The stage was made up of a dull excuse of a car, simply painted backdrop, and the six actors who made up the cast of “Leaving Iowa,” were not much better.
The Charleston Community Theater’s production of “Leaving Iowa” left most of the play up to their viewers’ imaginations.
“Leaving Iowa” began with an introduction to the Browning family, who were on one of their many family trips. This trip in particular was to Hannibal, Mo., home of Mark Twain.
The play jumps forward three years later and takes a sentimental turn when the family explains that the father, played by Tim Mason, passed away and his ashes have been left in the basement.
Don Browning, the main character of the play and the son in the family, played by Matt Mattingly, takes it upon himself to travel wherever he must go to spread his father’s ashes where he wishes to lie.
“Leaving Iowa” continues as a tale that jumps between the family trip to Hannibal and Don Browning’s trip with his father’s ashes.
Browning faces many troubles along the way, such as guilt for not attending his father’s retirement party, which easily provides a sense of sentiment to the play.
Among those in the cast are the Little Sis, played by Leah Piescinski, and the mom, played by Victoria Bennett.
Mom and Sis are easily the least desirable members of the cast because of Sis’s obnoxious, nagging attitude and Mom’s constant look of boredom throughout the play.
The stand out performers throughout the play were definitely Earl Halbe and Faith Ramsey who played an array of characters such as Uncle Phil and Aunt Phyllis, the Civil War Guy and Civil War Assistant, and the Hotel Clerk and Drunk Lady.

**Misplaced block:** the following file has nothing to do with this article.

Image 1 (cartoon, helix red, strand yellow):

Their portrayals of various characters left the audience much more entertained than the Browning family managed to do.
Overall, “Leaving Iowa” consisted of many tongue-in-cheek one-liners that never quite made the cut. Perhaps this is the fault of the actors, but more than likely it is the fault of the writers.
“Leaving Iowa” was performed at the Tarble Arts Center, which may also be a cause for the unpleasant feelings one may hold toward the play. Tarble seemed to be colder than necessary and did not provide many comfortable seats for the show.
In addition to the chill and less than favorable seating, the actors seemed to be talking a bit too loudly for the small area they were performing in.
Perhaps this is why plays are supposed to be performed in a theater.
“Leaving Iowa” was performed to an audience of 25 community members, mostly over the age of 50.
Perhaps the worst part of this production is the timeliness of the performance, or lack thereof. “Leaving Iowa’s” duration of two and a half hours was roughly an hour too long. Writers should consider revising the screenplay into a version that does not last longer than the average Hollywood film.
While it is highly recommended to not attend, “Leaving Iowa” will be performed at 7:30 p.m. Oct. 2 and 3, and at 2 p.m. Oct. 4 at the Tarble Arts Center. Tickets range from $5 to $10 and can be purchased at Tarble.
Samantha Middendorf can be reached at 581-2812 or [email protected]